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Opinion A shadow war in space is heating up fast

The International Space Station on April 24. (Photo by NASA / AFP) (-/AFP/Getty Images)

When Russia blows up a satellite in space with a missile (as it did this month), or when China tests a new hypersonic missile (as it did last month), the ongoing arms race in space leaps into the news. But in between these “Sputnik”-like moments, outside the public’s view, the United States and its adversaries are battling in space every day.

While Washington officials and experts warn of the risks of an arms race in space, the United States’ adversaries are constantly conducting operations against U.S. satellites that skirt the line between intelligence operations and acts of war. The pace of conflict is intensifying, according to a top Space Force general, who told me that China could overtake the United States to become the number one power in space by the end of the decade.

“The threats are really growing and expanding every single day. And it’s really an evolution of activity that’s been happening for a long time,” Gen. David Thompson, the Space Force’s first vice chief of space operations, told me in an interview on the sidelines of the recent Halifax International Security Forum. “We’re really at a point now where there’s a whole host of ways that our space systems can be threatened.”

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Right now, Space Force is dealing with what Thompson calls “reversible attacks” on U.S. government satellites (meaning attacks that don’t permanently damage the satellites) “every single day.” Both China and Russia are regularly attacking U.S. satellites with non-kinetic means, including lasers, radio frequency jammers and cyber attacks, he said.

Thompson repeatedly declined to comment on whether China or Russia has attacked a U.S. military satellite in a way that did permanent or significant damage, telling me that would be classified if it had happened. The Chinese military is quickly deploying ground-based systems for doing battle in space, such as lasers that can damage nosy U.S. intelligence community satellites, which could be considered an act of war.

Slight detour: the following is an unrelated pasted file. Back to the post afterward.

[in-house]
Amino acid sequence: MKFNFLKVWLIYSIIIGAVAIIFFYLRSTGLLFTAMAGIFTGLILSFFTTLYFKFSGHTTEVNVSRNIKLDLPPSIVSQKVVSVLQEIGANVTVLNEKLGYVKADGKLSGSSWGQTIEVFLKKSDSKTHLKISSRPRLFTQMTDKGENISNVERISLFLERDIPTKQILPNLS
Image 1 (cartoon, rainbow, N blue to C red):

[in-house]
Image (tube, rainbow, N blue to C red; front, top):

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“The Chinese are actually well ahead [of Russia],” Thompson said. “They're fielding operational systems at an incredible rate.”

Both the Russians and the Chinese are working on satellites that can attack other satellites, he said. For some time now there have been reports that China was developing a satellite that could claw another satellite or grab one with a robotic arm or a grappling hook. The Chinese government has several reasons to want to disable U.S. satellites, which have been useful in revealing concentration camps built to intern Uyghur Muslims and new Chinese nuclear missile silo fields.

In 2019, Russia deployed a small satellite into an orbit so close to a U.S. “national security satellite” that the U.S. government didn’t know whether it was attacking or not, Thompson said. Then, the Russian satellite backed away and conducted a weapons test. It released a small target and then shot it with a projectile.

“It maneuvered close, it maneuvered dangerously, it maneuvered threateningly so that they were coming close enough that there was a concern of collision,” he said. “So clearly, the Russians were sending us a message.”

China is building its own version of satellite-based global positioning systems, said Thompson. That’s in addition to the “couple of hundred” intelligence, surveillance and reconnaissance satellites China has now deployed to watch over any part of the globe. China is also putting satellites into space at twice the rate of the United States, meaning that if nothing changes on our end, China will surpass the United States in capability in space in a few years, he estimated.

“We are still the best in the world, clearly in terms of capability. They're catching up quickly,” he said. “We should be concerned by the end of this decade if we don't adapt.”

While China is quickly weaponizing space, its government points fingers at United States, claiming that Washington is the diplomatic stumbling black. There are reports that the Biden administration is reaching out to Beijing to establish new negotiations for a nuclear arms control, as well as international norms for cyberspace and space, but U.S. officials say that China won’t meaningfully engage.

The U.S. military is trying to speed up the procurement and deployment of space assets by creating structures like the Space Rapid Capabilities Office and the Space Development Agency, he said. Thompson’s idea is to deploy a large number of relatively low-cost satellites in constellations that increase the resiliency of U.S. space assets if they come under attack.

Conventional thinking about how to deter an enemy from attacking on the ground, by sea or in the air doesn’t really apply to space. New doctrines and norms for space need to be established, mostly by diplomats. That work will take years. Meanwhile, the arms race in space is heating up, and the United States risks losing it if it doesn’t recognize this reality.